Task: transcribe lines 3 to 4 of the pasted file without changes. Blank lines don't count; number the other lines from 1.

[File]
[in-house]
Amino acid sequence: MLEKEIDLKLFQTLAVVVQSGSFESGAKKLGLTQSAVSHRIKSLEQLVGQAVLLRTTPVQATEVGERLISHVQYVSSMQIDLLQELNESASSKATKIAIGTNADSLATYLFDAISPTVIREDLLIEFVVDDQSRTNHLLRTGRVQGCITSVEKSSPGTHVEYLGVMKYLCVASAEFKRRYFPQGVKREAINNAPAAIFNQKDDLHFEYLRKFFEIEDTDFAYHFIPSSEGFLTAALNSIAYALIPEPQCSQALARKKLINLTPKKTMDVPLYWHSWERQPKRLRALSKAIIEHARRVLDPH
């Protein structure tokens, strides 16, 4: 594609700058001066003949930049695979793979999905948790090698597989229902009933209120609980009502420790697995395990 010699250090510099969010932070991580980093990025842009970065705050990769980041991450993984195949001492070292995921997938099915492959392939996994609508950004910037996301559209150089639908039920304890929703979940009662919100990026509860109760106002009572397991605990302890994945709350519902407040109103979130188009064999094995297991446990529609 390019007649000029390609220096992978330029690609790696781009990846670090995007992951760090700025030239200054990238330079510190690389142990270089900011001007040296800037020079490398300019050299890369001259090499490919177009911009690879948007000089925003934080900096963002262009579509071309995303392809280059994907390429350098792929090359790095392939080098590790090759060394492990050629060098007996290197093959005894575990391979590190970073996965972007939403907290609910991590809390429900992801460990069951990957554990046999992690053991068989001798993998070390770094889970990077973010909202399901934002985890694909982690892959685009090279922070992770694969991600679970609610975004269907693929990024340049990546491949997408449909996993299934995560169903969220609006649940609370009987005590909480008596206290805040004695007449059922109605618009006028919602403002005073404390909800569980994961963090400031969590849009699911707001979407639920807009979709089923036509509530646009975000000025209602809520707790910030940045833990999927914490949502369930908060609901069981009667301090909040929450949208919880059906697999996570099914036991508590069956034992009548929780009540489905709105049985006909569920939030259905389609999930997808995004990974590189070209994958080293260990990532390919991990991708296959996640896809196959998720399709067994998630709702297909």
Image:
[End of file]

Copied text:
């Protein structure tokens, strides 16, 4: 594609700058001066003949930049695979793979999905948790090698597989229902009933209120609980009502420790697995395990 010699250090510099969010932070991580980093990025842009970065705050990769980041991450993984195949001492070292995921997938099915492959392939996994609508950004910037996301559209150089639908039920304890929703979940009662919100990026509860109760106002009572397991605990302890994945709350519902407040109103979130188009064999094995297991446990529609 390019007649000029390609220096992978330029690609790696781009990846670090995007992951760090700025030239200054990238330079510190690389142990270089900011001007040296800037020079490398300019050299890369001259090499490919177009911009690879948007000089925003934080900096963002262009579509071309995303392809280059994907390429350098792929090359790095392939080098590790090759060394492990050629060098007996290197093959005894575990391979590190970073996965972007939403907290609910991590809390429900992801460990069951990957554990046999992690053991068989001798993998070390770094889970990077973010909202399901934002985890694909982690892959685009090279922070992770694969991600679970609610975004269907693929990024340049990546491949997408449909996993299934995560169903969220609006649940609370009987005590909480008596206290805040004695007449059922109605618009006028919602403002005073404390909800569980994961963090400031969590849009699911707001979407639920807009979709089923036509509530646009975000000025209602809520707790910030940045833990999927914490949502369930908060609901069981009667301090909040929450949208919880059906697999996570099914036991508590069956034992009548929780009540489905709105049985006909569920939030259905389609999930997808995004990974590189070209994958080293260990990532390919991990991708296959996640896809196959998720399709067994998630709702297909």
Image: